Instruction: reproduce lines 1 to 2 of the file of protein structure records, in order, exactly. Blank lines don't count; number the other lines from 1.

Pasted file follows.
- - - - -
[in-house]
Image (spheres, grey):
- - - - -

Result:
[in-house]
Image (spheres, grey):